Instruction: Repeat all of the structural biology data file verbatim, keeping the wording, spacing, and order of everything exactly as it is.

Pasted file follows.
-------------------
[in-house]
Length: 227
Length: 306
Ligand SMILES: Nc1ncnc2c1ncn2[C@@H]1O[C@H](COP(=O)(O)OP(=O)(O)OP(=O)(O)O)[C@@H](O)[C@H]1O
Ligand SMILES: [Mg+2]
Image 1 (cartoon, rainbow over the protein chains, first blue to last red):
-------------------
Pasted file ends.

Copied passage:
[in-house]
Length: 227
Length: 306
Ligand SMILES: Nc1ncnc2c1ncn2[C@@H]1O[C@H](COP(=O)(O)OP(=O)(O)OP(=O)(O)O)[C@@H](O)[C@H]1O
Ligand SMILES: [Mg+2]
Image 1 (cartoon, rainbow over the protein chains, first blue to last red):